This morning I heard an interview with Fresno’s own Kamal Abu-Shamsieh, the director of the Islamic Cultural Center here, on a national NPR newscast. Abu Shamsieh discussed his mosque’s decision to not hold a carnival marking Eid al-Fitr on September 11.
We didn’t want any extremists out there to exploit the pain of our country by saying that Muslims are celebrating 9/11… locally a mosque was attacked. Out of fear for our, for the safety of our community, we decided not to have huge public gatherings.
The interviewer asked about the ‘attack’. Abu-Shamsieh responded,
The Madera mosque, which is about 25 minutes drive away from Fresno was vandalized three times in one week. At one time a brick was tossed through the window of the mosque, two signs were placed inside the compound, one was placed outside — that refers to the mosque in New York — and labeling the Muslim community as a terrorist community… Muslims are concerned [about their safety] every time we approach 9/11. That’s something that’s understandable. However, what we really don’t understand is the ongoing rhetoric that is being placed on [the] airwaves, especially during the month of Ramadan. We welcome the questions about our faith, but the comments that really put down our faith — that’s unwelcome.
A few things:
The ‘attack’ on the Madera mosque was not quite what Abu Shamsieh describes. The Fresno Bee reported that “a brick nearly smashed a window”. Several cardboard signs were placed on the property, but nothing was damaged — the ‘vandals’ didn’t even spray-paint graffiti on the property, as they often do to my back fence. Nothing is mentioned about anyone seeing the brick thrown, so it’s possible that a better description of the event is that “a brick was found near a window.”
Do I have to say that such acts are despicable? But its interesting that when worse vandalism has been perpetrated against Jewish institutions in the area, the reaction has been to play down, not exaggerate the threat. Why is this?
There is a campaign underway to define all speech critical of programs, projects or activities of Muslims as anti-religious hate speech, which is out of bounds.
Abu-Shamsieh wants to make it appear that criticism of the Ground Zero mosque plan, for example, is hate speech, the verbal equivalent of the brick that was [in some alternate reality] thrown through the window in Madera. And he wants everyone who objects to the behavior of Muslims or even the political platform of radical Islamism, to shut up.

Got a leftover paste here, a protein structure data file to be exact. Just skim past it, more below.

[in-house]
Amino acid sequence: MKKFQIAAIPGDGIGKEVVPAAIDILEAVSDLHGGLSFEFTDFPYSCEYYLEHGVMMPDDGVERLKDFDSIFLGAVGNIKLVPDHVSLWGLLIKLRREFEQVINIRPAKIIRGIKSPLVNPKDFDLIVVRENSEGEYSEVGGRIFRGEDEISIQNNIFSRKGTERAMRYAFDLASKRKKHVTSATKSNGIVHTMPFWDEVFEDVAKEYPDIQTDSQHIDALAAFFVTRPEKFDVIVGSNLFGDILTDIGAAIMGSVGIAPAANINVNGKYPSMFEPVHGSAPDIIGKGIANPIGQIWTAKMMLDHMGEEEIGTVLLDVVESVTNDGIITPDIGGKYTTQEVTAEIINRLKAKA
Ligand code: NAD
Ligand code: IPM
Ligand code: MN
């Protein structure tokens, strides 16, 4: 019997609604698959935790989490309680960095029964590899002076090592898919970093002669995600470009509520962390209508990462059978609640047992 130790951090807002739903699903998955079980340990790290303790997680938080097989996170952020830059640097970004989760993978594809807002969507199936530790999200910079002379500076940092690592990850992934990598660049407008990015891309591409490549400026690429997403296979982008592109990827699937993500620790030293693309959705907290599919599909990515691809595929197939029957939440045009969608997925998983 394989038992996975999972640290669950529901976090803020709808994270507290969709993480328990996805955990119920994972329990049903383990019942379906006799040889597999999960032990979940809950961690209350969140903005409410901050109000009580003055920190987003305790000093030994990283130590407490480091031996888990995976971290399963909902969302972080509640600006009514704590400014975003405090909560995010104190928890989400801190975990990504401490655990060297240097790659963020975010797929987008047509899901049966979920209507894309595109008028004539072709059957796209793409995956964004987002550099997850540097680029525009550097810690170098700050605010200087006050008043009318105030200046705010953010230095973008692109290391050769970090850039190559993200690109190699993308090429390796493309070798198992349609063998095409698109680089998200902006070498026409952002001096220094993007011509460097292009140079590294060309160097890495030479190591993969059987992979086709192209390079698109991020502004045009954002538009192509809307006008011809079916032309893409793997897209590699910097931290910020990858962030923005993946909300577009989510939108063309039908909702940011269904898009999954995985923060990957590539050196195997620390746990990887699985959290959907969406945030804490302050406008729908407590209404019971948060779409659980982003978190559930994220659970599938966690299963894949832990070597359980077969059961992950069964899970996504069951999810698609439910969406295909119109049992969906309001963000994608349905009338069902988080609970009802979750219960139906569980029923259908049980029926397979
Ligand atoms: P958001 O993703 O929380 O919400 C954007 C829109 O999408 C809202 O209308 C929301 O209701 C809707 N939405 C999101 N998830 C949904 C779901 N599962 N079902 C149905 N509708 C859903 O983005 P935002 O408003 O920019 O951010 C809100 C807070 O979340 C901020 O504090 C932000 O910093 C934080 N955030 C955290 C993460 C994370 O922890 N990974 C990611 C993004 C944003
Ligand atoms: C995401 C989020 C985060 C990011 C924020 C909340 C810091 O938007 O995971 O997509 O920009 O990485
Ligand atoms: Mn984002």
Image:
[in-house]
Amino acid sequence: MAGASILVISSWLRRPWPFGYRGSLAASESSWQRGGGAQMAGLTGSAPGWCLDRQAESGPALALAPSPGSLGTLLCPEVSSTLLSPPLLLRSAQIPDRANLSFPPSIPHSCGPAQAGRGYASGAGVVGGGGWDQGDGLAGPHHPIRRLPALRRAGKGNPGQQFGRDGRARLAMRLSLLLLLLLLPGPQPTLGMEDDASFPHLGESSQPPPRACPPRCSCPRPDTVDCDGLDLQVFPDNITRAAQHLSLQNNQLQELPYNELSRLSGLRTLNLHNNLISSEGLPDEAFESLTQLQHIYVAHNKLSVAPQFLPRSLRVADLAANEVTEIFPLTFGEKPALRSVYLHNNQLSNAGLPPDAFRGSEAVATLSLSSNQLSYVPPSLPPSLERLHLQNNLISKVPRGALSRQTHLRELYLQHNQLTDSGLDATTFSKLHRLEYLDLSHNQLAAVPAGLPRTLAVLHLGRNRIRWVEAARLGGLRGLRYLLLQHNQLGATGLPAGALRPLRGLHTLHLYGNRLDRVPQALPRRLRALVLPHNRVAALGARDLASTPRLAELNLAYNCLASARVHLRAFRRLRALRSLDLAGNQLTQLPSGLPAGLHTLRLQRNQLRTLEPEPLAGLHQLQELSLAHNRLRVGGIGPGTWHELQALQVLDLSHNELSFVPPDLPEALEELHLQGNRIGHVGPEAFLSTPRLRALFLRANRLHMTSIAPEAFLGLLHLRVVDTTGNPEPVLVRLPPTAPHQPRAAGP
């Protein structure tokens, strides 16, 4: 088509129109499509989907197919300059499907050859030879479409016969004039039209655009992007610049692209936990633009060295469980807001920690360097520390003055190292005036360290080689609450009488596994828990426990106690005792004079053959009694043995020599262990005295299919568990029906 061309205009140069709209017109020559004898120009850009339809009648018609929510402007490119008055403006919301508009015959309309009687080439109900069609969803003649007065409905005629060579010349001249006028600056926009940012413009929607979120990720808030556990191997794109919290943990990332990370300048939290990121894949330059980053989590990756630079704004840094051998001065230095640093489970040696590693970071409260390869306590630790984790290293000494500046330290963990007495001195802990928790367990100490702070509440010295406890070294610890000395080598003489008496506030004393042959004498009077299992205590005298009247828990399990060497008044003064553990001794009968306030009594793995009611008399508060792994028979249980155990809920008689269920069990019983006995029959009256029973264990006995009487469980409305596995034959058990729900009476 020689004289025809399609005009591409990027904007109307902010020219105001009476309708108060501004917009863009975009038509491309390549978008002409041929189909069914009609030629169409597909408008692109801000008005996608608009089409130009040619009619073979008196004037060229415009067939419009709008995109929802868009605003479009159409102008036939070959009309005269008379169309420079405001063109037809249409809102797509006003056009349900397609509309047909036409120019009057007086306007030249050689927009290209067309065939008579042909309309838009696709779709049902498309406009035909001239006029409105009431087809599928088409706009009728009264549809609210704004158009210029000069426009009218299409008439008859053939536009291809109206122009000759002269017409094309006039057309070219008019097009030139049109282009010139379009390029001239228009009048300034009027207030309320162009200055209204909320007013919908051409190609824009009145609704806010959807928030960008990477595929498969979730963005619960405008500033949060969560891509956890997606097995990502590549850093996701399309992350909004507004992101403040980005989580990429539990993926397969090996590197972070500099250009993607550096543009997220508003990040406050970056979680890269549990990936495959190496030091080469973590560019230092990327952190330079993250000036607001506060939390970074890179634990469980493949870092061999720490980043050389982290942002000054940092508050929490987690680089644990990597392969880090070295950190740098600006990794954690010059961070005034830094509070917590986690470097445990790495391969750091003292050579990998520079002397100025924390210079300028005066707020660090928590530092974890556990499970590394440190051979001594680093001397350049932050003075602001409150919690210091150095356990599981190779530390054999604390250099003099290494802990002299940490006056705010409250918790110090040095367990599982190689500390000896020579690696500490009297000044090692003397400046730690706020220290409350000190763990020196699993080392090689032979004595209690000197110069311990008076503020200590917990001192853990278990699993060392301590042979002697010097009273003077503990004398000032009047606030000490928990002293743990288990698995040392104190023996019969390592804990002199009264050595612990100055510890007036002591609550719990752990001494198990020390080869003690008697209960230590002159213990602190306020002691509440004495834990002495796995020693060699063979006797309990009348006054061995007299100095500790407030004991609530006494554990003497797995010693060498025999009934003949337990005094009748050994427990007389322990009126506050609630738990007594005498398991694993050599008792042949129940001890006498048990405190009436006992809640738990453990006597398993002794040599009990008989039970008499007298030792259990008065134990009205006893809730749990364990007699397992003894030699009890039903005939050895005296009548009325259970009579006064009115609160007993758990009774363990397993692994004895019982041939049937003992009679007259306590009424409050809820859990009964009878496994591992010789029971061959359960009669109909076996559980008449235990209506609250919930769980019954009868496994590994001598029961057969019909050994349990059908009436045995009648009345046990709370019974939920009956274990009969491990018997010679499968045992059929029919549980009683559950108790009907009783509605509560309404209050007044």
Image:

Etymologically, the word ‘Islamophobia’ should mean ‘fear of Muslims’, but Abu-Shamsieh and others use it to mean ‘hatred of Muslims’, analogous to racism or antisemitism. Muslim groups are presently making a big deal about the massive ‘threat’ posed by Islamophobia in the latter sense. But they are quite happy to create fear, because fear is an excellent tool to silence criticism.
So the Quran-burning affair — not that it constitutes legitimate criticism — is presented as a possible trigger for anti-American violence around the world, including against American troops in Afghanistan. The Iranian Foreign Minister says that if they had succeeded in murdering Salman Rushdie or the Danish cartoonists, maybe the infidels wouldn’t be burning Qurans today. Of course they are trying to kill Americans in Afghanistan every day, not to mention burning our flags almost everywhere there are Muslims, but that’s to be expected.
In fact, Mr. Abu-Shamsieh himself participated in an attempt to intimidate critics by fear. In early 2009, the Islamic Cultural Center of Fresno was the main sponsor of a huge pro-Hamas demonstration here in Fresno. They brought in literally hundreds of Muslim students from out of town who occupied three of four corners of a major intersection.
No more than 25 counter-demonstrators stood on the remaining corner, as waves of pro-Hamas students crossed the street, often threatening them verbally and sometimes physically. At one point when it appeared that verbal confrontations might escalate to violence, I called the police, to be told that ‘everything was under control’ (there were no officers visible). Apparently the Islamic Center had made an agreement with the police that they would prevent violence, and soon one of their marshals appeared on the scene and restrained the more aggressive students. But it was made clear to us that our safety was entirely in their hands.
What I see is a two-pronged strategy to make it impossible to criticize Muslims:
- Define criticism of Muslims, their actions or politics as bigotry akin to burning crosses; and if that doesn’t work,
- scare the hell out of the critics.
This is why they want everyone to think there is a large amount of bigoted Muslim-hatred out there (although FBI figures show that the number of anti-Muslim hate crimes is less than one-tenth the number of anti-Jewish ones), while at the same time doing their best to create a healthy fear of the consequences of saying things that Muslims don’t like.